Not very common.  The Dermatobia hominis, the species of the botfly, is indigenous to Central and South America. Seeing that it hasn’t completely spread to international waters, there have been very rare cases of infestation. Besides, many cases reported pertaining to animals such as horses, cows, or cats.

Can Botflies Kill Humans and Pets

No, as explained above, they do not kill the host animal. They are true parasites in nature hence they highly depend on the survival of its hosts so it can feed off of it. However, you may experience discomfort, or you may contract an infection attributed to the germs introduced by the fly.

How Does a Person Get a Bot fly Infestation?

Once the adult female fly has mated, it will lay eggs on the host. The eggs are deposited on animal or human skin directly, or the larvae hatch and drop from the eggs attached to the intermediate vector; the mosquito or ticks.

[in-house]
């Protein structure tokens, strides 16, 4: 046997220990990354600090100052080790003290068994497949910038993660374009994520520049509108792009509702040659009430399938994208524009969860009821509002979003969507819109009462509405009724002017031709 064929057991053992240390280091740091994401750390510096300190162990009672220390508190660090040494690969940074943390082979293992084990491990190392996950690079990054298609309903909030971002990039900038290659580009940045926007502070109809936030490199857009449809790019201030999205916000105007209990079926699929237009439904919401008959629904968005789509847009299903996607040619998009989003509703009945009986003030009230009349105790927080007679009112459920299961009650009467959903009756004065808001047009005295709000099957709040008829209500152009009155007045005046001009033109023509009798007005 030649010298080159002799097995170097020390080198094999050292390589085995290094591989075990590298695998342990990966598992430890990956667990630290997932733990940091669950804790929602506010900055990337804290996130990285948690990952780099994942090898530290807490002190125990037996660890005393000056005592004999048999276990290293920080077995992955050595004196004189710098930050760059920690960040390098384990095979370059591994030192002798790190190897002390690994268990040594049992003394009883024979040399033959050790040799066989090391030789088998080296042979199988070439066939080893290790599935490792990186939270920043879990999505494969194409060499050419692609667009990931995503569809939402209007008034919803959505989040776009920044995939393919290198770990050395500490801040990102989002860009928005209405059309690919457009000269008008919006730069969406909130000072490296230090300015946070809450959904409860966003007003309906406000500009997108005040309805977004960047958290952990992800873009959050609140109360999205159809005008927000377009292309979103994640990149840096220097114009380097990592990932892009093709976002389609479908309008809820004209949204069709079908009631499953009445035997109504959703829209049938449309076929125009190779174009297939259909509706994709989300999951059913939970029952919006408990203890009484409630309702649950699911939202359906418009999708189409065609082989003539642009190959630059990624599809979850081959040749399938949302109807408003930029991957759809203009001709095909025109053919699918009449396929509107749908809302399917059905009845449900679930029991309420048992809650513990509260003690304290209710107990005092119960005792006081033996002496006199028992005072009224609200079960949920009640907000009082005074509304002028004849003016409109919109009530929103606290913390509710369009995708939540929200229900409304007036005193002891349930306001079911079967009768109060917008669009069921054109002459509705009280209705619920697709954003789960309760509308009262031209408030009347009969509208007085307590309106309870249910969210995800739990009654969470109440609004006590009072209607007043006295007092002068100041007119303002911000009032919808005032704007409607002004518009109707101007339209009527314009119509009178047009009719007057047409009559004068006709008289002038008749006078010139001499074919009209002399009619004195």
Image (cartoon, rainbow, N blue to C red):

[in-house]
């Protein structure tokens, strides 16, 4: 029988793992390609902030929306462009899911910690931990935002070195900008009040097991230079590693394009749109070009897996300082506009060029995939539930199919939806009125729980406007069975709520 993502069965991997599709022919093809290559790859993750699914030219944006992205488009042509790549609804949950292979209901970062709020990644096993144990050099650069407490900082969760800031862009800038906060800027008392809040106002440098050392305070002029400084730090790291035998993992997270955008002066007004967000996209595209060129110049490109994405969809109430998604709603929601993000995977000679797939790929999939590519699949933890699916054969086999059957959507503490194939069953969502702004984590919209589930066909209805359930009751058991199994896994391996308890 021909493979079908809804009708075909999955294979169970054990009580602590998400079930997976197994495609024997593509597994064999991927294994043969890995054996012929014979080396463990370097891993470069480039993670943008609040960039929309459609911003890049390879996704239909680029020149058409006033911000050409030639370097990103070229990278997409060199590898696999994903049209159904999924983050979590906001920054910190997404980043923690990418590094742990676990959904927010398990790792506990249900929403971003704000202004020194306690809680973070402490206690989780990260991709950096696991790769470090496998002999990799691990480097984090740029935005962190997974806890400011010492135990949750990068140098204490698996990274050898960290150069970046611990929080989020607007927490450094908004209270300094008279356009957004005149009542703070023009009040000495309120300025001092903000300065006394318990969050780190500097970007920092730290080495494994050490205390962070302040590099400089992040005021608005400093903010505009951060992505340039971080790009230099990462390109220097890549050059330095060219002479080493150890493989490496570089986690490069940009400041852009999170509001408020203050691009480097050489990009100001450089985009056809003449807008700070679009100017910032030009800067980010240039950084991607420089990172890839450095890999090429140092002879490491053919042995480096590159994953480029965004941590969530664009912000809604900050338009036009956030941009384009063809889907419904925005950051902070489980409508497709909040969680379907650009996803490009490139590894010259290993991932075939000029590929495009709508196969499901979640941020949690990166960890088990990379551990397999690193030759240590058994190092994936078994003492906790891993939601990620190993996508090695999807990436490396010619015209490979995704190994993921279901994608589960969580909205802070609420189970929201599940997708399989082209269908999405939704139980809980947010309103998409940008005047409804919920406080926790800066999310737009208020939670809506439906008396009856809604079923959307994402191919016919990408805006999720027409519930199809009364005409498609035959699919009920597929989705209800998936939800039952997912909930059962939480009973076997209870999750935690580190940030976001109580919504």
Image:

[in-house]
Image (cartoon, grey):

Thanks to the body heat from the warm-blooded animals, the botfly larva will burrow itself in the host and continue to grow itself over time until its ready to move to the third stage, pupa which then drops from the hole. As for the ones that attack the intestines, they continuously lick the intestines until they are ready to leave, where they will have to be excreted.

What Happens If a Bot Fly is not Removed?

You already know that you can’t die from an infestation by the botfly larvae but you can get an Infection that can turn severe if left untreated over an extended period of time. You see the larvae will only host itself for a specified time until which it will drip itself from the host and into the ground to complete its life cycle.